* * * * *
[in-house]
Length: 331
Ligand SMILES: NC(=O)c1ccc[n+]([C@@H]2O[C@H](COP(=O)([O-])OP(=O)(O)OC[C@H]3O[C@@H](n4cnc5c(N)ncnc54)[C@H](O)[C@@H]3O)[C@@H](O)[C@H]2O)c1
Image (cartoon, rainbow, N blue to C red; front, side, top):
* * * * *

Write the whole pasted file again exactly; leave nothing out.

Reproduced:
[in-house]
Length: 331
Ligand SMILES: NC(=O)c1ccc[n+]([C@@H]2O[C@H](COP(=O)([O-])OP(=O)(O)OC[C@H]3O[C@@H](n4cnc5c(N)ncnc54)[C@H](O)[C@@H]3O)[C@@H](O)[C@H]2O)c1
Image (cartoon, rainbow, N blue to C red; front, side, top):